Saturday, February 28, 2009

My Wish for You

Dear Birth Mom, 

I wish you knew that even though I know nothing about you or the world you live in, you are in my thoughts every day. I wish you knew that my heart is full of love for your child - and you. We may never know each other, but we will be family. Your child is loved by us already, and it will know that it is loved by you, its first mother, as well. If only you knew that even if others may belittle and berate you for the choices you have made, to me you are the bravest person in the world. Thank you for giving life to your child, all the while knowing that you will not be able to witness how this life is lived. The greatest sacrifice you may ever have to make is also the greatest gift you could ever give. 

My wish is for your life to be happy and full, and that you will find peace with the decisions you have made.

Waiting to Wait

We're still waiting to officially wait.

There is one clearance missing before we can finally start the homestudy process. They've cashed the check weeks ago, so I would assume that someone somewhere is working on something. It is very hard for me to not obsess about when this clearance will finally arrive at the agency and we will be scheduled for our first homestudy visit.

On the brighter side, this week we went to our first Waiting Parents meeting at our agency. That was the highlight of my week. It is such a wonderful feeling to be in a building full of people who are in the same place as we are. We were able to speak with people in other programs and hear their stories, their heartbreaks and successes, and we were able to meet others who are waiting for their child from Korea. It was encouraging just to be around people who simply understand, and for whom clearances, social workers, visas, foster families and foreign travel are just a normal part of becoming a family.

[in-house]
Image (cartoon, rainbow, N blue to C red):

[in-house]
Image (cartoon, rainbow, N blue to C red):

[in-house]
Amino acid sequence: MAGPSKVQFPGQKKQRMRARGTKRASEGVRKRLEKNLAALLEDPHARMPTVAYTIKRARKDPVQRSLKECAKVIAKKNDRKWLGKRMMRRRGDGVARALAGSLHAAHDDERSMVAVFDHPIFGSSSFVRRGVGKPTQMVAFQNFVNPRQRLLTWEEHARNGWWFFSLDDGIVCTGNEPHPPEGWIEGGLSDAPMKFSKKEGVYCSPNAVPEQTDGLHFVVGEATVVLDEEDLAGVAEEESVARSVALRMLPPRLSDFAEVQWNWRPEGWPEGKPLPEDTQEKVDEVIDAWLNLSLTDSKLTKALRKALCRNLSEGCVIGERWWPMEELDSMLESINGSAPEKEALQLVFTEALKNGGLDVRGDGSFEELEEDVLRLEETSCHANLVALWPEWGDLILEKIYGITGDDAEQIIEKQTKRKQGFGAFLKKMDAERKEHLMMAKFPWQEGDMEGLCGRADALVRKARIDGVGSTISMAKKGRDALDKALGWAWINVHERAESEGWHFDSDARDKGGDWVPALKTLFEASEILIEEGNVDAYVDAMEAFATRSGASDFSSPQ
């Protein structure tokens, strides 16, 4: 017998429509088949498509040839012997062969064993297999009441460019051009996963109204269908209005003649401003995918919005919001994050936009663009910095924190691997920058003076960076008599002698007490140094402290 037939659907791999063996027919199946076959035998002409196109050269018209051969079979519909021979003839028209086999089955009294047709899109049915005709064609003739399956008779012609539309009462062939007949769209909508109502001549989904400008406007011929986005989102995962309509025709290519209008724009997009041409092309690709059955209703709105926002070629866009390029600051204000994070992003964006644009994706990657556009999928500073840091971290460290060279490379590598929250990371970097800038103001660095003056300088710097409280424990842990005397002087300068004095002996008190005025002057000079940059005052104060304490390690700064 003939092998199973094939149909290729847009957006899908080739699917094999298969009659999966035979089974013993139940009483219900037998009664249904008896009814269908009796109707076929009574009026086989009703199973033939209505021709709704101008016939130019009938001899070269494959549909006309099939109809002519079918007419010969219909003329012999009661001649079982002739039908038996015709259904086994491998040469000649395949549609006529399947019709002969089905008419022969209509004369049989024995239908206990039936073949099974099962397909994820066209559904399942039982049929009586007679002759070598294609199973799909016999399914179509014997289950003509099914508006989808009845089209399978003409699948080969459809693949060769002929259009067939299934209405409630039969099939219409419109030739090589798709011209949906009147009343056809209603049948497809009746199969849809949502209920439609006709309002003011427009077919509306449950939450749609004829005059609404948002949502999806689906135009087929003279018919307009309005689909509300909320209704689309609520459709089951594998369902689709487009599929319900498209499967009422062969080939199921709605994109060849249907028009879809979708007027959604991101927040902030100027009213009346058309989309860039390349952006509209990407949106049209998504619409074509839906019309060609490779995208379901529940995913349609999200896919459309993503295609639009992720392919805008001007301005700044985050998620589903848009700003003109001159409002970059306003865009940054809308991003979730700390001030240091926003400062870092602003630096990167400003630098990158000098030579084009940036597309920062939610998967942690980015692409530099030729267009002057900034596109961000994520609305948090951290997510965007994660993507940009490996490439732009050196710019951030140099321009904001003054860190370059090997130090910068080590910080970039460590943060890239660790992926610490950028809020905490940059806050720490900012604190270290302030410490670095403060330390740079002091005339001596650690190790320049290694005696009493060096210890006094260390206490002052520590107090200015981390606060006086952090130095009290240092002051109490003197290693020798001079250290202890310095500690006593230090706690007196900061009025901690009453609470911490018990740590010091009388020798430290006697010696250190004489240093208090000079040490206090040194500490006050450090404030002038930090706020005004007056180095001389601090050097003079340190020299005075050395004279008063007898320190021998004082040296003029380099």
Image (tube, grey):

Saturday, February 21, 2009

Learning Hangul

As of last week, we are attempting to learn Korean! 

While they say the Korean alphabet is one of the easiest in the world to learn, the sounds that go with the letters sure don't seem easy to me. 

Hubby is doing really well with his letters, as he loves all things logical, but I still don't know my alphabet. Could it be that he is also more disciplined and has studied more?

So far, I am really happy we chose to attend Korean class, even if I never end up being able to say more than Hello and Thank You. There are some great benefits to attending the class other than learning the fundamentals of the language; we are also learning about Korean culture from a Korean, and we've met other adoptive parents that have adopted or will adopt from Korea. 

Here are some great links to learn some basic Korean at home:

Tuesday, February 3, 2009

The Pickle on the Christmas Tree

One of our goals as international adoptive parents is to raise our child with a sense of awareness of its birth country. We've already blended two cultures in our daily lives, how hard can it be to add another?

Oh wait, here is the problem: We know next to nothing about Korea!

Having lived in several foreign countries myself and being an immigrant, I know how skewed our perceptions are of cultures we have not been fully immersed in for at least several years. 

Reading books and travelling are great ways to scratch the surface, but is there any way to go beyond this superficial knowledge of a country?

We all see the world through our own eyes, and our eyes have been shaped by the culture we grew up in. Germans are seen as neat and organized, unfriendly, but efficient, Americans as outgoing but superficial. All may be true to a degree, but there is so much more to a culture than those labels. Will my child form a view of Korea based on the prejudices prevalent in the society he will grow up in? How will we ever be able to provide our child with a true view of its birth country and the way of life there? 

I worry that I will give him a false sense of what his country and his countrymen are like. Will I be like one of those people who firmly believe that Germans put a pickle on the Christmas tree?